Surely it is time for another showing of the TV series of Elspeth Huxley’s book, The Flame Trees of Thika?  Filming took place in Kenya in eighteen weeks before Christmas, 1980, with Hayley Mills playing Tilly, Elspeth’s mother, and Holly Aird as Elspeth. The filming was done at Lukenya, with Kajiado station standing in as the early Nairobi station. Old rolling stock from Nairobi Railway Museum was used, and track was specially laid. No animals were killed – when a dead creature was needed, animal skins were brought from London and stuffed in Nairobi. Twinkle, Elspeth’s pet duiker, grew so quickly that eventually three young ones were used in succession. A rain sequence for the rainy season caused problems when rain refused to fall. The solution was to appeal to the Nairobi Fire Brigade. It helpfully hosed away for twelve minutes at a time with water fetched from tanks in Nairobi. The African spectators thought the filmers were mad. And what about the flame trees? They seem to flower whenever they like, so spies were sent far and wide to report when one was in flower. A full 4000 miles were covered to film the temperamental trees. The film crew then rushed to the location.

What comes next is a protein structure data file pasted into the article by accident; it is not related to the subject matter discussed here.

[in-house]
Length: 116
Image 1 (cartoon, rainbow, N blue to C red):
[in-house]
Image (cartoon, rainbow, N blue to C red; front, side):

The adult Elspeth Huxley came out to Kenya to have a look at what was going on, and thoroughly approved of the proceedings, to everyone’s relief. The stone farmhouse of Elspeth’s childhood still existed at Kitimuru, lived in by a colonel. Some of the coffee bushes her parents had planted were still there, now part of a big French-owned plantation. She described her visit to her childhood dwelling: ‘Our stone house scarcely changed, with its curly Dutch gables, its bow windows (a novelty then) and its veranda which Margaret the mule (Kongoni in the film) had climbed up steps to take a lump of sugar while we sat at breakfast. Here was the coarse lawn my mother had sown and tended …The avenue of flame trees had long since been cut down …There were ghosts around. The small white community that had cleared bush and planted the first coffee here had been young and hopeful, laughing off their troubles, charged with optimism, believing in themselves and in the worth of their task. All are dead.’